KY Cop Suffers Career Setback After Killing Breonna Taylor In Her Own Home
It turns out you can't just bust into a woman's house while she's sleeping and shoot her dead — no, not even if she's Black and you're a cop. Dare we say it? Black lives matter.
Let's not get too carried away, though. Louisville, Kentucky, Mayor Greg Fischer just announced Friday that one of the officers who shot Breonna Taylor will have to settle for killing Black women in the private sector. According to his termination letter, Metro Police Officer Brett Hankison “violated procedure" when he fired 10 rounds into Taylor's apartment while executing a BS “no-knock warrant."
"I have determined you violated Standard Operating Procedure ... when your actions displayed an extreme indifference to the value of human life when you wantonly and blindly fired ten rounds into the apartment of Breonna Taylor," the letter stated.
Louisville Police Chief Rob Schroeder also claims that Hankison “violated procedure" — or if you're not a cop, “murdered someone" — when he “used deadly force without knowing the force was directed at a person who posed an immediate threat." The door and window that Hankison shot through were covered (as folks do when they're sleeping), so he had no idea what he was shooting. He could've killed a child, which some cops have already done during their no-knock “surprise visits."
There's been uncertainty about what exactly happened the night Taylor was killed, because it involves believing anything the cops tell you. The police arrested Taylor's boyfriend, Kenneth Walker, at the scene of her murder. Walker thought someone was breaking into the house so he fired his licensed gun, shooting Officer Jon Mattingly in the leg. (This is why I agree with the Doctor that guns “make everything worse.")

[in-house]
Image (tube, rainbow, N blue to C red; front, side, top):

Walker was charged with attempted murder when he was stupid (I hate guns, remember?) and scared (the police weren't even in uniform). He tried to shoot at the ground, because he values human life. He's obviously not law enforcement material.
"I don't need to kill anybody if I can just get you out of here," he said.
It seems only fair, though, that Schroeder and his crew should receive the same charge as Walker, considering they initiated the encounter in the first place and weren't half asleep in their own home. Walker was released from jail weeks after Taylor's death. The police union protested because he was obviously a threat to fellow peace officers who might break into his house again.
"Not only is [Walker] a threat to the men and women of law enforcement, but he also poses a significant danger to the community we protect!" River City FOP president Ryan Nichols wrote in a Facebook Post Friday. "Home incarceration was not designed for the most violent offenders!" "I call on the public to condemn the actions of Judge Olu Stevens."
The attempted murder charges were eventually dropped against Walker, thanks to public pressure.
Mayor Fisher wasn't able to go into much further detail about trigger-happy Hankison's pink slip.
"Unfortunately, due to a provision in state law that I very much would like to see changed, both the Chief and I are precluded from talking about what brought us to this moment, or even the timing of this decision," Fischer said in a statement.
It's like we live in some dystopian reality where cops wrote all the laws. The Louisville City Council voted unanimously last week to ban “no-knock" warrants. I'm glad someone mailed the city a cop of the Constitution, but Breonna Taylor was still mowed down in her own home, just a few months before her 27th birthday. She deserved better, and Hankison deserves worse than joining 20 million other Americans in the unemployment line. Taylor's death wasn't a workplace accident. It was murder.
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Stephen Robinson is a writer and social kibbitzer based in Portland, Oregon. He writes reviews for the A.V. Club and make believe for Cafe Nordo, an immersive theatre space in Seattle. He's also on the board of the Portland Playhouse theatre. His son describes him as a “play typer guy."